Interviews were conducted at each grower's vineyard during July 1990. The three major winery representatives were interviewed in person and by telephone during the same period. The 15 informants (4 from Cooperative Extension and 11 from the wine industry) were later contacted as needed by telephone to clarify previous interview responses. Through commodity group association, winery contract and CE outreach, these key informants reported direct or indirect knowledge of the management strategies used on approximately 80% of California's wine-grape acreage. Interviews of project researchers provided detailed information about the decision-making and research processes behind the IPM canopy management studies.
Adoption of canopy management
Our estimates of statewide acreage under leaf removal were based on identification of grape varieties and geographic regions especially threatened by Borrytis and summer rot fruit diseases. For this estimate, we used only Central Coast, North Coast and San Joaquin Valley acreage planted in Borrytis and summer rot susceptible varieties (fig. 1). These three wine-grape growing regions account for 96% of California wine-grape acreage. Varietal acreage for each region was obtained from the 1989 summary of California grape acreage published by the California Agricultural Statistics Service (table 1).
Extent of leaf removal by acreage was determined through comparison of key informant reports. Growers, IPM Area Advisors, County farm advisors and winery viticulturists from each of the three major growing regions estimated the percentages of regional Borrytis and summer rot susceptible acreage currently under a leaf-removal strategy. When key informant estimates were in conflict, the most conservative estimate was used in calculating total acreage under leaf removal.
Fig. 1. Major Wine Grape Growing Regions of California, as reported by the California Agricultural Statistics Service' 1989 Summaryof California Grape Acreage.
On the basis of key informant reports, we estimated 20% of Central Coast (e.g., Santa Barbara, San Luis Obispo, Monterey Counties), 50% of Northern Coast (e.g., Sonoma, Napa, Mendocino Counties) and 10% of San Joaquin Valley (e.g., Kern, Fresno/Madera, Tulare, San Joaquin, Stanislaus, Yolo Counties) wine-grape acreage was managed under some form of leaf removal. Based on these estimates, since 1989, 20% (50,900 out of 243,700 acres) of the statewide acreage planted in Borrytis and summer rot susceptible wine-grape varieties has been managed each year using leaf removal.
Diffusion of canopy management
Efforts by both the wine-grape industry and UC Cooperative Extension personnel have been instrumental in the rapid diffusion and adoption of canopy management on California wine-grape acreage. Farm advisors, IPM area advisors, winery representatives and pest control advisors (PCAs) all played important roles in educating growers and encouraging the use of leaf removal. Due to the economic bonds connecting growers to the wine-grape contract system, some wineries exerted critical influence in ensuring the adoption of this vineyard management strategy. Some major California wine processors, interested in improving wine-grapeflavor, used extensive field trials, recommendations from winery field representatives and commodity contract incentives to encourage leaf removal by their contract growers.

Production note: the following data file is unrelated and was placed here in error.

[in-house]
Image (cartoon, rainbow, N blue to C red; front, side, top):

Although winery influence demonstrated the most decisive leverage in encouraging grower trial use of leaf removal, not all wineries had the commitment or resources to employ new research in vineyard management strategies. Through commodity group meetings, personal grower contacts and experimental trial plots, Cooperative Extension farm advisors played an important supportive role in spreading the use of leaf removal among California wine-grape growers. The active commitment of some farm advisors to the extension of leaf removal could be traced to their personal involvement in the two leaf-removal research projects. Both IPM canopy management projects utilized county-based farm advisors in determining research usefulness, in obtaining cooperators for field trials, in managing field trials and in collecting field trial data. This involvement seems to have encouraged a farm advisor interest and commitment that resulted in the active extension of leaf-removal strategies.
For their part, growers noted that education and external incentives may have encouraged their initial leaf-removal trials, but production-scale use would not have followed if the strategy had not improved grape production and economic management of their vineyards. All key informants agreed — growers have adopted leaf removal because it works.
Impact on pesticide use
The numbers of pesticide applications per season were established through interviews with key informants. The numbers varied by year and by growing region. Despite geographic and seasonal extremes, the consensus among most growers and farm advisors was that before canopy management at least two fungicide applications for control of bunch rots and two insecticide applications for control of leaf-hoppers were used each season in a typical vineyard management scheme. All interviewed growers and farm advisors agreed that leaf removal reduced the pesticide applications by a minimum of 50%.